Out of nowhere My Girl Friday shouted, “You should do a post on goose!” with her customary joie de vivre. So when I was ordering a couple of chickens from Cara at Tea Hill Farms, I asked if she had a goose. No, but her neighbor did. A few days later my dear pal Lester shouted, “We should cook goose!” I said, “I just bought one!” My equally dear pal (all of us since high school) Dave Loomis said, “I want in!” So for what is now about year 15 of an annual dinner, I determined to cook my own goose. I had cooked goose, exactly once, nearly two decades ago (I remember being astonished at the quantity of fat it released, staggering). I’d watched a goose cooked late in the late fall of 2001 (when Read On »

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Holiday punch was out of fashion even in Charles Dickens’ day, but he loved the old recipes for it. And as described in this NPR story with David Wondrich on his book Punch: The Delights (and Dangers) of the Flowing Bowl, punch was created by 17th-century British-empire-building sailors whose beer spoiled in tropical heat. They would have used rum and brandy and lots of it for punch with serious punch. Today for me it has a whiff of the 1950s, and does bring to mind sherbet for some reason, but as Wondrich points out in the NPR piece, punch is not a cocktail or pedestrian glass of generic Chardonnay—that is, an individual and isolating libation strategy. It is, rather, a communal and group drink, a social drink, a shared drink. I talk a lot about the Read On »

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I’ve recently returned from inspiring days at Pigstock, in Traverse City, Michigan, where I and my partner in Salumi, Brian Polcyn, were invited to participate in a celebration of the pig. But we also got to sample wines and spirits made from the abundant fruit that grows in this unique climate. I have, since I first imbibed the crystal elixir, bowed before eau de vie, the aptly named water of life. My first vision of it was in the 1970s when my Uncle Lars arrived at our house with a gift of Poire Williams for my father; astonishingly, there was a pear inside the bottle. I did not get to drink from this as I was 10, and my dad felt that if they could get a pear inside a bottle, it deserved to remain sealed and Read On »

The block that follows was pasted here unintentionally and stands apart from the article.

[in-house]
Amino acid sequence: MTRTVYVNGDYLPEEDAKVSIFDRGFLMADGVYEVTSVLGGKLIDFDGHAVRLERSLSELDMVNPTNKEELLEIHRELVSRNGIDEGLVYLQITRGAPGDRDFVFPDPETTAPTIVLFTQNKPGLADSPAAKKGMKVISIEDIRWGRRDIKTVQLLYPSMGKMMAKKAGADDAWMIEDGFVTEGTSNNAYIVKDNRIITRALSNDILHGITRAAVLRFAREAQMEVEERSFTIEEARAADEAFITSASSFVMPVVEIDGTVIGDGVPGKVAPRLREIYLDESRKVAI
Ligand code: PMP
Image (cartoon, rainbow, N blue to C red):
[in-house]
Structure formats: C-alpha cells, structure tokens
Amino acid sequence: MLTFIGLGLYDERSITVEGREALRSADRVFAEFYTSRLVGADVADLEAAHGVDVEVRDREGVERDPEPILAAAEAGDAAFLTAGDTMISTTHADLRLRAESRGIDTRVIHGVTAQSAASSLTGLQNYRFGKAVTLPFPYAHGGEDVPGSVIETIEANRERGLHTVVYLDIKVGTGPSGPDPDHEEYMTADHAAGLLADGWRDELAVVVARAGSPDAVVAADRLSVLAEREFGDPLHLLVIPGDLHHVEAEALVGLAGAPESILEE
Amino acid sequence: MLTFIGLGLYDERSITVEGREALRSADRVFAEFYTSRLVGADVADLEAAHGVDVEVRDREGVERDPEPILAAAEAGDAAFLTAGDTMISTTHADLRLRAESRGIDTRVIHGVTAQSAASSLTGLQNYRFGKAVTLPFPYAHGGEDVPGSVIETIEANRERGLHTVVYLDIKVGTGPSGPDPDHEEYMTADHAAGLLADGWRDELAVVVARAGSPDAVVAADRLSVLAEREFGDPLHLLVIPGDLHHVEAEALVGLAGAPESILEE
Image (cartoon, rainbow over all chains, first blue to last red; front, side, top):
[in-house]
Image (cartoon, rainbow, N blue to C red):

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Today’s cocktail post was inspired by a question on Twitter asking for a good Bloody Mary recipe, and it is indeed a good topic because they are often so mediocre. And it’s not the vodka’s fault this time. It’s rather that the Bloody Mary is carelessly prepared, a fault I am guilty of, especially on a crapulous Sunday morning. So herewith a more thoughtful and refined Bloody Mary worthy of being called a cocktail. The key is fresh tomato juice. V-8 vegetable juice or canned tomato juice is heavy and thick and obscures the other ingredients (which is why many prefer Clamato juice, for a “Bloody Caesar,” a choice I encourage). Now that we have an abundance of huge overripe tomatoes, it’s the perfect time to make your own juice. You want the fiber, but Read On »

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Coffee’s flavors are very diverse, roasters are now working with growers to provide more interesting brews, via NPR.

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